According to a new study led by S.V. Eranti of the Newham Early Intervention Service in London, males develop the first symptoms of schizo-affective illnesses and schizophrenia approximately a year and half before females do. This evidence clears up some conflicting research that had suggested there was a significant difference in age of onset for males and females. Eranti considered several factors in this study, including gender, age of first symptom, age of first consultation, age of first admission, and culture. Using 46 separate studies, Eranti analyzed data from over 29,000 males and 19,000 females and found that males were admitted to the hospital for schizophrenia approximately 1.07 years earlier than females. All factors combined to increase the age of onset difference to that of almost 18 months. When the DSM criteria were used, the difference in admission age was significant. But when the International Classification of Diseases (ICD) measures were used, there was no difference in age of admission.
Eranti also looked at developed countries compared to developing countries and found virtually no differences in age of first symptoms, first consultation, or first admission. Another interesting finding was that males had their first symptoms of schizophrenia 1.63 years earlier than females, but had their first consultation just over a year earlier than the females. This suggests that males may have untreated symptoms of psychosis and schizophrenia for longer periods than females. Although this did not fully explain the gender differences on all measures, it is one area that should be examined more closely in future work.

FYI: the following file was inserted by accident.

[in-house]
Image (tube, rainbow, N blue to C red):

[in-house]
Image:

Another factor to consider is the subjectivity of symptoms. Hallucinations and delusions may not be noticed by caregivers and parents until they have been present for some time. Additionally, it is believed that many females have a second spike in symptom severity later in life, which could explain the difference in onset age in early life. These are issues that should be focused on in future research as well. Other risk factors to consider would be family history, comorbidity, and complications that occurred during pregnancy. Eranti added, “There is a need for large studies from developing countries to examine the gender difference in age at onset and factors influencing it.”
Eranti, S. V., et al. Gender difference in age at onset of schizophrenia: A meta-analysis. Psychological Medicine 43.1 (2013): 155-67. ProQuest Research Library. Web. 30 Jan. 2013.
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